Hey, all you folks who like to plaster all the details of your daily lives on YouTube, did you know that your videos could soon be scanned and evaluated for terror threats? Yes, thanks to a new project funded by the US intelligence community, they soon hope to create a searchable warehouse of open-source clips.

      Intelligence Advanced Research Projects Activity, or IARPA, is behind the program called Automated Low-Level Analysis and Description of Diverse Intelligence Video (ALADDIN).

    • Google Teams Up With CIA, Invests in Analytics Firm
    • Google, CIA Back a Startup that Predicts the Future

      Google and In-Q-Tel, a non-profit investment firm launched by the CIA in 1999, have both backed Recorded Future, a company that looks for patterns in publicly available data to predict future events.

      Recorded Future scans tens of thousands of Twitter accounts, blogs and websites looking for relationships, organizations, actions and incident data. RF then plots that data over time to determine the momentum behind a particular event and when in the future it might happen.

      Google Ventures and In-Q-Tel each invested under $10 million in Recorded Future back in 2009, just after the company was founded, according to Wired. Google’s investment was revealed earlier this year, and In-Q-Tel’s was quietly announced a few weeks ago.

    • Google, CIA team up to invest in web monitoring software
  • Intellectual Monopolies

    • Copyrights

      • U.S. Copyright Group ‘Steal’ Competitor’s Website

        The United States Copyright Group (USCG) has been all over the news in recent months. The lawyer group sued thousands of BitTorrent users who allegedly file-shared motion pictures belonging to their clients, including the Oscar-winning Hurt Locker. However, it turns out that USCG are not copyright purists either, as they have blatantly copied the website of a competitor without permission.

Clip of the Day

Happy System Administrator Day


Lawyers and Monopolies They Work for Are the Key Threat to Software Patent Policy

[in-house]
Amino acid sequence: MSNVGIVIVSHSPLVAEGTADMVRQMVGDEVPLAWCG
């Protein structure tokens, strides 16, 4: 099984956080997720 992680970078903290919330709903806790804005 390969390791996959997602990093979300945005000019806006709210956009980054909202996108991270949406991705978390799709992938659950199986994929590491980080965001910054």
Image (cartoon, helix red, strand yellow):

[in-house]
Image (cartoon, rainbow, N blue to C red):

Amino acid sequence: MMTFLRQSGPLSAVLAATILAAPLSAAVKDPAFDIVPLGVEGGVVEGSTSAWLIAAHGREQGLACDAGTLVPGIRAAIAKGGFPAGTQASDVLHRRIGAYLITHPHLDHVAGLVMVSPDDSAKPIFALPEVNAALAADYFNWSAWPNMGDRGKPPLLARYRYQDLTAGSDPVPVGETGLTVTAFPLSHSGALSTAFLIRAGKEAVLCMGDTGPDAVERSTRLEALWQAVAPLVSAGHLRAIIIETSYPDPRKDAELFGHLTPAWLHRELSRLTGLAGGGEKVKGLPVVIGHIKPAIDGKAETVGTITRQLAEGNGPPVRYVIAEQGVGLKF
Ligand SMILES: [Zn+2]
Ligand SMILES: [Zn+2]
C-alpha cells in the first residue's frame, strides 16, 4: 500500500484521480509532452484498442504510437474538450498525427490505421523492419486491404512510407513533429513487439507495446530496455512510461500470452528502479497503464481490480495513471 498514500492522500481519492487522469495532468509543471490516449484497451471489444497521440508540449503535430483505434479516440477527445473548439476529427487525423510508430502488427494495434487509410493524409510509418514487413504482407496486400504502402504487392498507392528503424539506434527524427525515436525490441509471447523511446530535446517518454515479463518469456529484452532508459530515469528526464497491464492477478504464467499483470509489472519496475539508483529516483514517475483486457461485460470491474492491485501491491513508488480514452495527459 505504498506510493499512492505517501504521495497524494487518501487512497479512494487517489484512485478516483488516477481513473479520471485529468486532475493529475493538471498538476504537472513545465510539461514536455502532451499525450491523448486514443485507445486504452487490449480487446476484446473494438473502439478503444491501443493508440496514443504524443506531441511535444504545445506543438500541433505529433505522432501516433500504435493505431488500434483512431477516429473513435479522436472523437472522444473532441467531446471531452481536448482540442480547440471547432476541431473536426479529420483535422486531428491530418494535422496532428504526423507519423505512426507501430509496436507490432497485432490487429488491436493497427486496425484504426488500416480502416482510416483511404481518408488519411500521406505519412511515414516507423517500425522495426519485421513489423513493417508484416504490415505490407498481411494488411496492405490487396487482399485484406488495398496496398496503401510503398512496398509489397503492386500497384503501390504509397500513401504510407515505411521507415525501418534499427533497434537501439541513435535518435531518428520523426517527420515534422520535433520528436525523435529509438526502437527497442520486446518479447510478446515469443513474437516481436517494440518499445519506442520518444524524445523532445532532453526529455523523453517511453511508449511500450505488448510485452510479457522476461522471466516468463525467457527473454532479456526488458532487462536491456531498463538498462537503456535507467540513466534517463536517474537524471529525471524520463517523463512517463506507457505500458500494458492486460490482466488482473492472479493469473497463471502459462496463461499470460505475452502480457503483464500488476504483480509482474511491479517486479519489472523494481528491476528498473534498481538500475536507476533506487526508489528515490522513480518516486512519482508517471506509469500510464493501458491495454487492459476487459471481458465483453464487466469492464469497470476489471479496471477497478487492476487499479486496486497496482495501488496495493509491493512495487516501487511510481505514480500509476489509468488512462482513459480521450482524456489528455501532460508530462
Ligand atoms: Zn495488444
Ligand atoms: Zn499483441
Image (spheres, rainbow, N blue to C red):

Posted in Microsoft, OIN, Patents at 3:08 am by Dr. Roy Schestowitz

Quentin Massys painting
16th century painting of a civil law notary

Summary: Patent lawyers and software giants whom they are representing (also lawyers that become patent trolls) jeopardise emerging companies, almost all of which do not want software to be patentable

“Microsoft lobbyists [are] pushing for software patents in standards,” alerts the FFII’s president regarding this post from a familiar lobbyist we wrote about in this post and cited in [1, 2]. It’s always aligned with Microsoft’s agenda.

The USPTO is looking for feedback about post-Bilski guidelines and Groklaw rightly warns that solicitors would stuff the box (they have the tendency to do that when it comes to software patents in standards).

You know pro-patent companies’ lawyers in droves will be telling them that their clients should be able to patent God’s method and process for creating the heavens and the earth, so you may wish to comment yourself and let them know politely where you think the line should be drawn on the abstract idea exception to subject matter eligibility as set forth in Bilski, if this is a topic you care about. Otherwise, I can see it now, their report: We got 3,201 comments saying X and only 3 saying Y, so X carries the day.

The truth is, I don’t think anybody knows specifically what Bilski means, including the US Supreme Court. They couldn’t draw a straight line, because they couldn’t agree on enough, so they just didn’t. So what is the USPTO supposed to do with it in the real world? They give it their best shot.

Groklaw’s Pamela Jones used to defend the practice of patenting (maybe because of her background in the legal world), but she changed her mind over time. There is a great deal of indoctrination among lawyers, who are teaching and convincing themselves that patenting is beneficial to society (but they actualise their own meta-industry really). Dana Blankenhorn wrote about Groklaw and he defends/disputes its belief that OIN is necessarily a good thing (OIN is a proponent of patents):

When the subject of patents and cross-patent consortia comes up everyone is a troll.

Pamela Jones is an IBM troll. Florian Mueller is a Microsoft troll. It must be true because their enemies say so.

IBM and Microsoft both have patent consortia. IBM’s is organized as the Open Invention Network. Microsoft’s is a contract, the one first signed by Novell and since by many others.